AUTM has been working closely with five university associations headquartered in Washington, paying careful attention to patent legislation that is being considered in both the U.S. House and the Senate.

Reinhart notes that “AUTM is providing opinions, drafting or reviewing position statements and coming out in support of provisions in some of these bills that will effectively discourage abusive patent-related behavior but don’t go so far as to undermine legitimate activity of patent owners like small companies, universities, independent inventors and startup companies that are university licensees.”

Optimism and a turnaround
The threat posed by patent trolls has gotten a lot of attention in the press recently, some of which Reinhart said he felt was exaggerated.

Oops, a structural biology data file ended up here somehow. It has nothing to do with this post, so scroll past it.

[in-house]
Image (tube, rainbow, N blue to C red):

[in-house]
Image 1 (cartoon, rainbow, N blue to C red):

“They are certainly a problem if you are the recipient of an abusive demand letter from such an entity,” Reinhart says. “But statistically, things are already turning around, and the situation is improving for several reasons.  

“We want to make sure that new legislation doesn’t harm the American public by undermining our tech transfer efforts and the myriad benefits that come from these efforts. Some of the details are pretty technical, but we have focused on two or three issues that are important to us and made our opinions known.”

Reinhart says that among its efforts, AUTM is also looking at a bill that would restore a meaningful one-year grace period for patent filings after a paper has been published on a discovery.